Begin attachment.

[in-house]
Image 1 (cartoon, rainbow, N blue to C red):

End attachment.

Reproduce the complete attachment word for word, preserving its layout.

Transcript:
[in-house]
Image 1 (cartoon, rainbow, N blue to C red):